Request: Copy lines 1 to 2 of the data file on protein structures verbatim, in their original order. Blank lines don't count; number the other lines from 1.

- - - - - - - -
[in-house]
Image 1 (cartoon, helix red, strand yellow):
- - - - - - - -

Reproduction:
[in-house]
Image 1 (cartoon, helix red, strand yellow):